It was hands-down the best card game I've ever played in my life. It might go down as one of my favorite memories of life.
Surrounded by books, with the bass of the dance thumping in from down the hall, we were in our own world. I felt like I was part of a classic old-man poker game of the kind a woman is rarely invited to take part in. I am always very clear with my students that I am their teacher and not their friend, but I'd be lying if I didn't think about how amazing it would be to see these boys ten years from now, playing the same game with the same balance of sarcasm and joy. They are so brilliant and witty; so good at walking up to the line of inappropriateness without crossing it. I've had plenty of interactions with adults that aren't nearly as fun or mentally engaging.
I can't think of a better way to say goodbye to some of the people I have cared about so much. I hope they loved it as much as I did.
Saying goodbye to eighth graders is one of the hardest parts of my job. I’ve been accused in the past of favoring eighth graders over my seventh graders, and while I don’t consciously do that, it’s probably true. It’s hard not to when you’ve spent more time with one group than you have with the other. I justify that the slight favoritism isn’t wrong because every group of students has their chance at being eighth graders, and they earn it by making through seventh grade.
Between free writes and finals, I have spent over 300 hours reading their writing. I have cried when they’ve confessed the worst parts of their lives and I have laughed through their embarrassing moments. I feel as if I’ve lived these last two years with them, watching over them, trying to help them, and giving them an adult who tries her best to not be judgmental about whatever they’re going through. The kind of adult I would have wanted when I was eighth grade.
The last free write for eighth graders is Part II of what I refer to as The Final Goodbye. (Part I is the Tri 3 Final and Part III is the last day of school, in case you’re curious.) Of the three, this is the part that hurts the most. This is the last time I’ll read their writing, and quite a few of them take the opportunity to reflect on the past two years and say goodbye.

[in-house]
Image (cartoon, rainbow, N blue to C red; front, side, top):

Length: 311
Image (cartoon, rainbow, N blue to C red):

Free writing is one of the most important activities that happens in my classroom. Other adults don’t always understand it; they probably think I kick back on Fridays and don’t teach anything because I want a day to relax. It’s the opposite, actually. #FWF creates a ton of work for me as a teacher. First, I force myself to write with my students in every class period. That means I write six different, original pieces of my own work each Friday. Sure, I could sit back and get other work done while my students write, but I’ve done the research and I know how important it is for growing writers to see what a writer looks like in action. Kids don’t learn to write by seeing perfect examples all the time; they learn to write by writing and by watching authentic writing in action. While I’m creating all that writing, I’m not getting any other work done. My students are also creating more work for me to do outside of school. One #FWF equals about eight to nine hours of grading for me each weekend. It’s worth it. Free write gives writers the opportunity to develop their voices, and an authentic voice is the most important thing a writer can have. I am so honored that my students learn to share their voices and put their trust in me.